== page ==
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C/EBPδ links IL-6 and HIF-1 signaling to promote breast cancer stem cell-associated phenotypes

Oncogene (2018) | Download Citation

Abstract

To improve cancer patient outcome significantly, we must understand the mechanisms regulating stem-like cancer cells, which have been implicated as a cause of metastasis and treatment resistance. The transcription factor C/EBPδ can exhibit pro- and anti-tumorigenic activities, but the mechanisms underlying the complexity of its functions are poorly understood. Here we identify a role for breast cancer cell intrinsic C/EBPδ in promoting phenotypes that have been associated with cancer stem cells (CSCs). While C/EBPδ expression is not abundant in most metastatic breast cancers, our data support a pro-tumorigenic role of C/EBPδ when expressed in subsets of tumor cells and/or through transient activation by the tumor microenvironment or loss of substrate adhesion. Using genetic mouse models and human breast cancer cell lines, we show that deletion or depletion of C/EBPδ reduced expression of stem cell factors and stemnness markers, sphere formation and self-renewal, along with growth of tumors and established experimental metastases in vivo. C/EBPδ is also known as a mediator of the innate immune response, which is enhanced by hypoxia and interleukin-6 (IL-6) signaling, two conditions that also play important roles in cancer progression. Our mechanistic data reveal C/EBPδ as a link that engages two positive feedback loops, in part by directly targeting the IL-6 receptor (IL6RA) gene, and, thus, amplifying IL-6 and HIF-1 signaling. This study provides a molecular mechanism for the synergism of tumor microenvironmental conditions in cancer progression with potential implications for the targeting of CSCs.

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Acknowledgements

We are thankful for superb support through services provided by Leidos Biomedical Research, Inc., FNLCR (Laboratory Animal Sciences Program, Protein Expression Laboratory, Illustrations, and Graphical Support); and the NCI/CCR cores (Small Animal Imaging, Flow Cytometry, Optical Microscopy, and Analysis Laboratory); and Data Management Services, Inc. for assistance with Statistics. We thank Linda Miller, Suzanne Specht, Rena Mao, and the student interns for their valuable contributions; Heidi Dowst for providing clinical information related to the PDX models; and all the investigators who kindly shared their valuable reagents (see Methods) or provided critical comments on the manuscript. This research was supported by the Intramural Research Program of the NIH, National Cancer Institute, in part with Federal Funds from the Frederick Cancer Institute (NIH) under contract no. HHSN261200800001E. LED and MTL were supported by BCRF Founders Fund Grant CPRIT DP150069 and V-Foundation grant T2014-010. The content of this publication does not necessarily reflect the views or policies of the Department of Health and Human Services, nor does mention of trade names, commercial products, or organizations imply endorsement by the U.S. Government.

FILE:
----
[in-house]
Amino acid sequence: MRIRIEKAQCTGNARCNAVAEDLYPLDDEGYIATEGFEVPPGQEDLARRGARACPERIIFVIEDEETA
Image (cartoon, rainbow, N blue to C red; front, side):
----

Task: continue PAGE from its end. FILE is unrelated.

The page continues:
Author contributions

KB and ES conceived the project and designed the study. KB, DM-V, SS, and ES designed, conducted, and/or analyzed the experiments. LED and MTL provided PDX reagents, data, resources, and advice. GHS and LED provided technical support and supervision for animal model studies. KB, MTL, and ES wrote the manuscript.

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Author notes

    • Daniel Mendoza-Villanueva

    Present address: Mission Bio, South San Francisco, CA, 94080, USA

Affiliations

  1. Laboratory of Cell and Developmental Signaling, Center for Cancer Research, National Cancer Institute, Frederick, MD, 21702, USA

    • Kuppusamy Balamurugan
    • , Daniel Mendoza-Villanueva
    • , Shikha Sharan
    •  & Esta Sterneck
  2. Laboratory Animal Sciences Program, Leidos Biomedical Research Inc., Frederick, MD, 21702, USA

    • Glenn H. Summers
  3. Departments of Molecular and Cellular Biology and Radiology, Lester and Sue Smith Breast Center, Baylor College of Medicine, Houston, TX, 77030, USA

    • Lacey E. Dobrolecki
    •  & Michael T. Lewis

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Conflict of interest

MTL is a limited partner in StemMed Ltd, and a Manager in StemMed Holdings, its general partner. He also holds an equity stake in Tvardi Therapeutics Inc. LED is a compensated employee of StemMed Ltd. The remaining authors declare that they have no conflict of interests.

Corresponding authors

Correspondence to Kuppusamy Balamurugan or Esta Sterneck.

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DOI

https://doi.org/10.1038/s41388-018-0516-5